Industrial panel PCs support industrial communication protocols and accommodate the needs of many industrial applications that allow operators to monitor, control and adjust industrial automation processes. Serial ports and dual NICs allow its use with legacy devices and peripherals, so integrating new equipment and still use the older devices creates saving opportunities.

Open frame panel PCs are designed for seamless installation in industrial environments and integration into an existing architecture of a production chain – in control cabinets, machines, kiosks, etc. They are widely used for Human Machine Interface, as its resistive touch screen and ruggedness ensure easy data access and durability under harsh environments. Open frame panel PCs are widely used for:

  • Original equipment manufacturer machinery, OEM.
  • Human-Machine Interface, HMI.
  • Machine-Machine Interface, MMI.
  • Internet-of-Things control and data aggregation.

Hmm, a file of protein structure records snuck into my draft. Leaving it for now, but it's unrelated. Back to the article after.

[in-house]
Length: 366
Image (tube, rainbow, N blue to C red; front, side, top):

• Vision systems.
  • Factory automation systems.
  • Material handling.

Industrial Tablets, Forklift Tablets

Companies see the wisdom in deploying industrial tablets on the manufacturing floor for a variety of applications:

  • Human-Machine Interface – instant access to critical data with notifications from industrial automation systems, status information, machine vision system notifications.
  • Instant remote control of industrial processes.
  • Any application that relies on the cloud-based platforms and machine-learning monitoring systems that detect anomalies in automation systems and enable predictive maintenance of industrial equipment.
  • HMI-hosting web servers host large volumes of data about production statistics, maintenance and diagnostics. Since industrial tablets pull the data from the cloud, employees do not need to plug in (as with laptops) and can change parameters remotely.